I wrote last week about some of the more interior aspects of sorting through old junk and encountering significant mementos, and (as you might imagine) the same thing has happened several times with photographs.
This will be a short and uncharacteristically closed-off column. One of my favorite quotes from one of my favorite writers, David Vestal, is "I'm in the disclosure business." My typical stance is honesty and a typical strategy is to reveal what I'm thinking—another favorite quote comes from the great Carol Gilligan, the feminist psychologist: "I've found that if I say what I'm really thinking and feeling, people are more likely to say what they really think and feel. The conversation becomes a real conversation."
But some things are private, and should stay that way. This relates to what psychologists call "boundaries," or "borders"—the bulwarks between your different roles in your own life and other peoples' roles in yours. My psychologist brother Scott, who also tallies in my life as a great friend, likes the formulation of "thin" or "thick" borders as a way of talking about how good people are at naturally respecting these separations. I have thin borders—not dysfunctionally so, and not such that it disfigures my life, except slightly and occasionally. But still.
I can say that I have been on a journey lately—one of those rich, adventurous times when living seems accelerated and life is deep and full—we are lucky if we have a handful of such episodes on our way from dust to dust—and on at least two occasions, old photographs have been central to interior events that have been very important to my thinking, my emotions, and the process.
And it's interesting what those old photographs are. One is an old 4x5 Polaroid print that I found under an antique dresser I have (the dresser originated from my great-grandmother's house—I inherited it from my grandmother). I know the stack of Polaroids it came from—and how it got separated from its mates and found its way to a forgotten corner of the floor is a mystery to me. When I found it it was covered with dust.
The others are two photographs of my first dog, Beaujolais, Beaujy for short, who entered my life (as near as I can reconstruct) in the Spring of the year I was ten, and left it again in the Fall of the year when I was 11. I have only two photographs of him, although it's possible that other photographs exist somewhere. They are two views of him taken near the same time, in the same place, but from two different angles. Both are Kodak Instamatic snapshots that would have been developed and printed by the old Bay Point Pharmacy in what is now called the River Point shopping center, between Bayside and River Hills, near the northern edge of Milwaukee County. Nobody on earth knows the story of Beaujy but me, not one soul, and trying (and peculiarly failing) to tell it led to an epiphany for me.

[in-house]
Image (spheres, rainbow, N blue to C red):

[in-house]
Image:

All three are photographic ephemera—by themselves, not compelling. They have none of the strange numinous magic old snapshots can sometimes exude. But all three have changed my life profoundly recently, in ways I could explain explicitly if I had a month and thirty thousand words in which to do it. But it's private; you understand.
What it does usefully point up for our purposes here, however, on a small blog about photography, is that the life of a photograph can be fundamentally and essentially just the deepest of mysteries. They take their own voyages. Some become famous, many become lost, most trace some sort of arc in the world—which if they could be plotted might be jagged graphs of purpose, importance, meaning, worth, significance, memory, rising and falling. (I do take joy in looking in on some of them to see if I can trace some subset of their paths.) The fact that for the vast majority of photographs this graph flatlines quickly and permanently should not blind us to the astonishing richness that these talismans, albeit rarely, have the power to hold.
The wonderful and beautiful Teresa N., a relative of a relative. In normal circumstances, the graph of the life of the two photographs she's holding, taken for utilitarian purposes of identification, would have been unremarkable: a low-grade usefulness for a few years, flatlining to nothing. But as it is, her Polish Catholic parents were victims of the Holocaust, and these are the only photographs of them to survive, so their importance and meaning have traced a very different arc through time. I made a set of copy photographs for her twenty years ago (the originals are much smaller) and she has given a set to each of her children.
Perhaps you would be good enough to supply your own ending to this piece, the nice sentence or two that properly sums up and wraps up a short snippet of idle musing like this. I have chores to do, so I think I'll just leave it here. See you again soon.
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